November 30, 2015 | Barb Carr

Career Development: Don’t Be a Quitter!

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Being successful means learning how to finish well … no matter what!

Ever notice how the beginning of anything new is full of excitement and enthusiasm, but it’s hard to keep excitement and enthusiasm going? Being successful means learning how to finish well … no matter what! It’s part strategy and part willpower. There are always a few obstacles to endure and overcome. Life can’t be all fun and games.

But don’t be a quitter! Here are 8 steps to being an achiever!

  1. Evaluate times that you quit in the past. When are you most likely to give up? What were your reasons for quitting in the past? Can you think of a strategy for getting through those times? Is there a way to avoid them altogether?
  2. Invest your time wisely. Getting caught up in too many meaningless projects won’t improve your ability to finish things. When possible, limit yourself to those things that really interest you. Life is too short for hobbies that make you want to shrug. If you’re passionate about something, you’re much more likely to get it done.
  3. Chart your progress. When you can visually see how much progress you’ve made, you’ll feel more motivated to continue. Make a chart, graph, or other visual representation of the work you’ve completed.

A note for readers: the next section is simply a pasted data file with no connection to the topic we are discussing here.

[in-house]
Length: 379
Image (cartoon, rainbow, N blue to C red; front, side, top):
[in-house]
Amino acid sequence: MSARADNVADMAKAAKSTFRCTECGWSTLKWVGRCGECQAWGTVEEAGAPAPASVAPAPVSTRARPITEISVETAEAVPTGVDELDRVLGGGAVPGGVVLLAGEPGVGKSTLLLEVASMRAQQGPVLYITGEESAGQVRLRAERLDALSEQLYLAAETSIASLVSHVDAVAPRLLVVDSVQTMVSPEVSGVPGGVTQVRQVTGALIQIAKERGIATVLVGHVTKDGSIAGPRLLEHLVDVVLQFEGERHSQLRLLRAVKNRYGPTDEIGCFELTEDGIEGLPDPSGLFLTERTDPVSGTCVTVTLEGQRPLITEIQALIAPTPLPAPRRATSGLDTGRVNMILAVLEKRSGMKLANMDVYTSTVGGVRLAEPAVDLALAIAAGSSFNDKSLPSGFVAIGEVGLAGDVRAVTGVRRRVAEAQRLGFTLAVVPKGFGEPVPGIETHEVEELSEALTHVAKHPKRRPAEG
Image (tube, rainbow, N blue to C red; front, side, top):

4. Visualize the expected result. Constantly remind yourself how great you’ll feel when you’re done. Make note of all the benefits you’re receive.
  5. Be realistic. If you haven’t logged several thousand hours of piano practice before your 30th birthday, it’s unlikely you’ll ever reach the level of a world-class pianist. This is especially true if you’re 58 years old, have a family, and only have 30 minutes a day to practice.  However, you can still play! You can still become a better pianist!
  6. Give yourself a reasonable amount of time. You might be making good progress, but if you believed that you should’ve mastered the Russian language by now, you’ll become discouraged. It’s not easy to estimate the amount of time it will take to complete something. Do you have a history of thinking that things will take less time than they actually do? Build a fudge-factor into your estimates. After you’ve make a little progress, revisit your expectations and adjust them accordingly. If you’re enjoying yourself, who cares how long it takes? Once you’re done, the fun is over!
  7. Get better at the small things first. If you’re washing the dishes, avoid leaving that greasy, disgusting pan until morning. Fold all the clothes rather than leaving some of them for later. Clean the entire room. Pay all of the bills. Run the full 3 miles you planned to run.  Get in the habit of finishing all of the tasks in your life.
  8. Be immune to criticism. One of the reasons we stop before completing a project is to avoid criticism. Once it’s done and available for the world to judge, we can get apprehensive. Then we rationalize reasons not to complete it. The people that matter won’t be unkind. The unkind people don’t matter. There’s no way to stop the criticism, but you don’t have to allow it to bother you.

These small tips can be a great help in finishing future projects. If there’s one trait you’ll find in high-achievers, it’s the ability to get things done. Learn how to finish and change your life!

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